Perception Versus Reality

In case you missed it, the Los Angeles Times editorial board wrote about HumaneWatch on Sunday after we recently placed two ads in the paper. The Times confirmed what comes as a shock to many animal lovers: The “Humane Society” of the United States shares less than 1 percent of its budget with hands-on pet shelters.

But the Times also took issue with our ads, calling them “misleading.” Ironic? Absolutely. The only misleading piece of this puzzle is HSUS’s advertising strategy.

HSUS populates its ads with tear-jerking pictures of dogs and cats, even though it shares mere pocket change with homeless pets. The Times seems to suggest that this is okay, justifying it with the argument that HSUS “never claimed that its mission is to fund local animal shelters.”

This “HSUS never said” argument is worth addressing, in part because partisan HSUS supporters repeat it ad nauseum as an excuse for HSUS’s practices. Which is a huge cop-out.

We’ve mentioned how one recent HSUS TV ad (the one featuring Jenna Elfman) included images of 44 different animals—42 of which were dogs or cats. That’s 95 percent, and it’s no fluke.

In HSUS’s “Countdown to Stop the Suffering” ad (featuring Wendy Malick), 29 out of 32 animals (91 percent) are dogs or cats. The pet-count in HSUS’s “Silent Victims” ad (also featuring Malick) is 30 out of the 32 on-screen animals (94 percent). HSUS’s “The Future is in Our Hands” and “All Around Us” commercials both have similar numbers.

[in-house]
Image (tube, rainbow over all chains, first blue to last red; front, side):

Nowhere in these commercials does HSUS tell viewers that so little of its budget goes to shelters like those that actually help find “forever homes” for dogs and cats. HSUS doesn’t run any disclaimers saying that it’s not a pet-shelter umbrella group. None of the ads’ voice-overs mention the lack of any affiliation between HSUS and “humane society” pet shelters. There’s a disclaimer buried somewhere on HSUS’s website, but donors who dial into the number that appears in some of HSUS’s ads probably won’t read it. And even those who find HSUS’s carefully crafted disclaimer won’t be told that the amount of HSUS’s budget granted to shelters is less than one percent.

It’s true that HSUS does do some things that donors expect it to. Operating an “animal rescue” team, for instance, is laudable. We wish the animals HSUS “rescues” weren’t generally dumped at hands-on shelters without the resources to care for them, but we imagine HSUS would consider such objections a hair-splitting exercise.

After all, where is the money for pet shelters going to come from? Each of HSUS’s 30-plus full-time lawyers is a mouth to feed. And the $16.3 million accrued to HSUS’s pension plan won’t divert itself. (That’s more than HSUS gave in grants to pet shelters during the same years those pension dollars flowed.) And spending half of your budget on overhead (according to one charity watchdog) isn’t a formula for funding other needy organizations.

And don’t get us started about all of HSUS’s lobbying, some of it spent in order to “get rid of” animal agriculture.

HSUS is welcome to raise money, but it should do so ethically. Using images of dogs and cats (which presents Americans with a specific impression) to mask animal-rights campaigns and questionable spending doesn’t qualify.